Yukon Nuggets

1936 Yukon Nuggets



Robert Service always said all of the characters in his poems were fictional. Well, we know now that this is not quite true when it comes to Sam McGee. There was a Sam McGee in the Yukon at the turn of the century. As for Dan McGrew - well no-one to my knowledge has discovered a character name Dan McGrew. He is likely a figment of Service's fertile imagination.

But when Klondike Mike Mahoney left the Yukon a relatively rich man, he loved telling tales of his days in the gold fields. He talked at length about Robert Service and claimed he knew many of the people who were featured in his poems. Mahoney would often recite Service to almost any gathering that would listen to him.

He was especially fond of Dan McGrew - both the poem and the man. Mahoney insisted he knew Dangerous Dan. In 1936, he was invited to speak to the Sourdough Reunion in Vancouver and to recite some Service poetry. A newspaper reporter had been writing about Klondike Mike, who had gained fame as the man who packed a piano over the Chilkoot Pass. The sceptical reporter didn't seem to believe much of what Mike had to say. The reporter even went so far as to write to Robert Service asking him to write out an affidavit stating that Dan McGrew never existed. Service did so in a letter to the reporter.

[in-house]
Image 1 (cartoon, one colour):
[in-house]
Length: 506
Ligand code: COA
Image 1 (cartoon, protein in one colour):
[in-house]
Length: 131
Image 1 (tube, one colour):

Thus, when it came time at that Sourdough Reunion for Mike to recite Service and tell of the characters he personally knew, the reporter was ready. As Mike began to speak to the crowded hall of sourdoughs, the reporter jumped up and read the letter from Service saying Dan McGrew did not exist.

There was a moment of stunned silence. It's said Klondike Mike's face turned beet red. For a moment, he thought he was trapped.

Then a strange thing happened. The crowd began to boo and shout at the reporter. They told him to take his phony letter and leave the ballroom. Mike's reputation - along with another Yukon legend - was intact.

A CKRW Yukon Nugget by Les McLaughlin.

Les McLaughlin

Les McLaughlin

As storyteller, radio man, and music producer, Les proved a passionate preserver of Yukon heritage throughout his life — nowhere more evident than as the author and voice of CKRW’s “Yukon Nuggets,” from its inception until his passing in 2011.